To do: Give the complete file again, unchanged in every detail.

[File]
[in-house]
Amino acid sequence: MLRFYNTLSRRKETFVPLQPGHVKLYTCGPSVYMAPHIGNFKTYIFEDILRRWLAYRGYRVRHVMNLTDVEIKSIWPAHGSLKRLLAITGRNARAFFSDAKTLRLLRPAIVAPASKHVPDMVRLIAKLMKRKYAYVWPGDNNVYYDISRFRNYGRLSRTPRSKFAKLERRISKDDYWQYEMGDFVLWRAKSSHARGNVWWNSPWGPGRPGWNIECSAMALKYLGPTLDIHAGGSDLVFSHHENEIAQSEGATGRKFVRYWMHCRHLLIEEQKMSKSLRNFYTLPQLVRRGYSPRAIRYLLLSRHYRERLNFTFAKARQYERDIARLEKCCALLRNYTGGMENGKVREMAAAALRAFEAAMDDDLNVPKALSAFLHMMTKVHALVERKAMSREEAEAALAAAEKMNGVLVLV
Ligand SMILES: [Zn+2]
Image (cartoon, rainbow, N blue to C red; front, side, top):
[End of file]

[in-house]
Amino acid sequence: MLRFYNTLSRRKETFVPLQPGHVKLYTCGPSVYMAPHIGNFKTYIFEDILRRWLAYRGYRVRHVMNLTDVEIKSIWPAHGSLKRLLAITGRNARAFFSDAKTLRLLRPAIVAPASKHVPDMVRLIAKLMKRKYAYVWPGDNNVYYDISRFRNYGRLSRTPRSKFAKLERRISKDDYWQYEMGDFVLWRAKSSHARGNVWWNSPWGPGRPGWNIECSAMALKYLGPTLDIHAGGSDLVFSHHENEIAQSEGATGRKFVRYWMHCRHLLIEEQKMSKSLRNFYTLPQLVRRGYSPRAIRYLLLSRHYRERLNFTFAKARQYERDIARLEKCCALLRNYTGGMENGKVREMAAAALRAFEAAMDDDLNVPKALSAFLHMMTKVHALVERKAMSREEAEAALAAAEKMNGVLVLV
Ligand SMILES: [Zn+2]
Image (cartoon, rainbow, N blue to C red; front, side, top):